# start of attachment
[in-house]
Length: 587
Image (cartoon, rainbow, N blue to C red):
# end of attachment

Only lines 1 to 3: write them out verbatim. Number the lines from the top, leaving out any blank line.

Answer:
[in-house]
Length: 587
Image (cartoon, rainbow, N blue to C red):